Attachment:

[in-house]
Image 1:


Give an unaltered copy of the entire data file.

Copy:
[in-house]
Image 1: